The development of a pitch deck has become crucial to the company, particularly in the startup industry. Regardless of their business’s genre or size, every entrepreneur or businessperson will probably need to make a pitch at some point. Depending on your aim, audience, delivery technique, and objectives, there are various business pitches kinds available. You must first determine the following before you can start constructing your own business presentation:
To whom is the pitch directed?
What is the pitch’s objective?
Is the pitch taking place in person or online?
It will be simpler to determine your pitch type once you have provided answers to these questions.
An investor pitch takes place during the initial stage of funding with a possible investor, which is crucial in the startup industry. Your PowerPoint deck should explain your business concept and persuade potential investors to fund your venture.
The value proposition for your company, a revenue projection, and a breakdown of the finances should also be included.
An elevator pitch can be given during the elevator journey, as the name suggests. You have one minute to describe your company, your good or service, and even your entrepreneurial skills. This kind of pitch needs to be succinct, convincing, and feature a strong call to action.
The major goal here is to convince the audience of the value of your good or service and convince them to take the desired action.
Depending on your target audience and aim, these pitches may vary in length and style. A sales deck should include an overview of your good or service, a value proposition, real-world business examples, and a clear call to action.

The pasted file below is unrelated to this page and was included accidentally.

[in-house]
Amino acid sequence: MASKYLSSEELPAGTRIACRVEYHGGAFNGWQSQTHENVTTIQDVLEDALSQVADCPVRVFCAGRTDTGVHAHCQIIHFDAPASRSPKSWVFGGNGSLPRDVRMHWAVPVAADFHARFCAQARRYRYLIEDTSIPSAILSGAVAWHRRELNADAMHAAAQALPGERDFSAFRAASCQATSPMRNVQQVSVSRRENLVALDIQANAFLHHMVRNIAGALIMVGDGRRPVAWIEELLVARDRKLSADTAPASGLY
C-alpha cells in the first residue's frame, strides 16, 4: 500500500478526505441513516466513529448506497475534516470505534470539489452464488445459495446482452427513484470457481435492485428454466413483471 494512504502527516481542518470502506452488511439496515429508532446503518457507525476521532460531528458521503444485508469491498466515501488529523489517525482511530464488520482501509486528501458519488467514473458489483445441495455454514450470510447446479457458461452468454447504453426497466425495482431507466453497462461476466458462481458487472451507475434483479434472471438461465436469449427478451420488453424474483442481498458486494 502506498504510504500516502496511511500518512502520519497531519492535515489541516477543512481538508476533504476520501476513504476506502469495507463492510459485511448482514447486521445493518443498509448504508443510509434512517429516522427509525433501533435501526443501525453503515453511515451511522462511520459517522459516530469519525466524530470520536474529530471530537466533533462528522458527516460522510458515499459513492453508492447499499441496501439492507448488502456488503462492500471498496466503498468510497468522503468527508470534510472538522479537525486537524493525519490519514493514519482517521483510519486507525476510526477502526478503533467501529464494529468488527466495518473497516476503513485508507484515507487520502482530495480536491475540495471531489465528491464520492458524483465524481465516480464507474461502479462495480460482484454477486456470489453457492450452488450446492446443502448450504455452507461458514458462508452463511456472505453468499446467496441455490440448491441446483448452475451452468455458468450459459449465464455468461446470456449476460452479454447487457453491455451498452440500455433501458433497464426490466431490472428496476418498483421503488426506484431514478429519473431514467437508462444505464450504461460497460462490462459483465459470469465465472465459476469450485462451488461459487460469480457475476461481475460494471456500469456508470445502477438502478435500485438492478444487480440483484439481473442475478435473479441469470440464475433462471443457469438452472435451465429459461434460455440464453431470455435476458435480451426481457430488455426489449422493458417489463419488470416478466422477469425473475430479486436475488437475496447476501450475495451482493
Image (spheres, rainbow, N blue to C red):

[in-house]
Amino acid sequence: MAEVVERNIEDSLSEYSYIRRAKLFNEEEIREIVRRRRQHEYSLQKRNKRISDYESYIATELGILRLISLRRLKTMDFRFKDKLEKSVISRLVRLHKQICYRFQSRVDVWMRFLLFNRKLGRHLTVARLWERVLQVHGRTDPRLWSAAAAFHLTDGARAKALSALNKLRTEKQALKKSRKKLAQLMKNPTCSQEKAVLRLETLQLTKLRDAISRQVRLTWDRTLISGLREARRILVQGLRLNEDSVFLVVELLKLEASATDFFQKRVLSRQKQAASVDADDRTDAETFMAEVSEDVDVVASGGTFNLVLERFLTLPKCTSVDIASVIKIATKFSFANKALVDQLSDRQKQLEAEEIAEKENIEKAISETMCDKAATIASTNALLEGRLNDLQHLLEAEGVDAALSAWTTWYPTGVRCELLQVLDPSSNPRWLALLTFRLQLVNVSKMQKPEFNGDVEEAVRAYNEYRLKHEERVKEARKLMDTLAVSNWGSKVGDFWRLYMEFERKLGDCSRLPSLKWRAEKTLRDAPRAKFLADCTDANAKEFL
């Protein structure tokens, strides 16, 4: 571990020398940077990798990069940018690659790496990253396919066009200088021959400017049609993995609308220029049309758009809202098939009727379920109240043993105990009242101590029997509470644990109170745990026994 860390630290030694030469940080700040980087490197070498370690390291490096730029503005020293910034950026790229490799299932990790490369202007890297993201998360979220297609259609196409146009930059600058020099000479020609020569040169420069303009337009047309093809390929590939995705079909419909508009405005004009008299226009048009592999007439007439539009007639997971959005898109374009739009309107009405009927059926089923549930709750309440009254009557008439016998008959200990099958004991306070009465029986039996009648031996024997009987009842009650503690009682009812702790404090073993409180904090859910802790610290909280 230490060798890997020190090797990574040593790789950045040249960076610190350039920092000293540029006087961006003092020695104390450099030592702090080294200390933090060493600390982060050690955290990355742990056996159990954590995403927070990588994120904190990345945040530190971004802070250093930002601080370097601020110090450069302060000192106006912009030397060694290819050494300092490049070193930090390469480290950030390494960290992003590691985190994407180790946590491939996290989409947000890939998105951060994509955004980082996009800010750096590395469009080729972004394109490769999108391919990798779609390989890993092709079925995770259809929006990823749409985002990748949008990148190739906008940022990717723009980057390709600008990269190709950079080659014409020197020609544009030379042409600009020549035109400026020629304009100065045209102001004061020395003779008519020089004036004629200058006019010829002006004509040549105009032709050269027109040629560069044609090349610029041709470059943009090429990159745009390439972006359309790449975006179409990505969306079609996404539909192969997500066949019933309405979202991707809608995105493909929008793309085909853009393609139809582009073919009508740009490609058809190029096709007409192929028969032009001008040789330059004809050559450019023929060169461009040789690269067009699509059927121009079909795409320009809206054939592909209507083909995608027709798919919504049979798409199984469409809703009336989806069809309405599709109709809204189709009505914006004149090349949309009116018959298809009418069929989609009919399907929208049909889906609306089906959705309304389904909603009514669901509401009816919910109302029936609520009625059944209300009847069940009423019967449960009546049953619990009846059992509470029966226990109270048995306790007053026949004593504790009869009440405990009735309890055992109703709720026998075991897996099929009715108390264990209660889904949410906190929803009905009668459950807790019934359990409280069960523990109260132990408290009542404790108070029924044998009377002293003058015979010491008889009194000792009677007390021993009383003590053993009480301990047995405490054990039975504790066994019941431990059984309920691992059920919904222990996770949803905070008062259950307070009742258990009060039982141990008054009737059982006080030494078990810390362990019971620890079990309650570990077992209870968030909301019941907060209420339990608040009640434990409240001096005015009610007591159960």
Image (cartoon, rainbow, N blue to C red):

This is more of a sales pitch in that it concentrates on one particular product. A brief overview of the product, the market opportunity, a competitive analysis, and prospective revenue are typically included in a product pitch deck.
It should then go into greater detail about defining a problem, outlining the features of your solution, and describing how the product will address your customer’s issue.
The Twitter pitch, which is now popular, condenses your business concept into one or two sentences. In the era of social media, writing a pitch in 280 characters has gained popularity. The Twitter pitch, a contemporary update on the elevator pitch, is even quicker and shorter.
The cold call pitch
Despite the prevalence of messaging apps, phone calls are still made and don’t appear to be going away anytime soon. Cold call pitches still need to be refined because of this. It’s frequently a person’s first interaction with your brand, and we all know how crucial first impressions are to sales.
When making a cold call, avoid beginning by saying, “Hello, I wanted to chat with you about our product and its amazing benefits.” Let’s face it; no one likes a hard sell.
Instead, use a dialogical strategy. Honor their time.
Do they appear hurried, are they preoccupied at work, or do they excuse themselves from a conversation at this time? Call them again at a time that works for them.
So, these are some of the types of pitches. Which one do you think you need to prepare the most right now?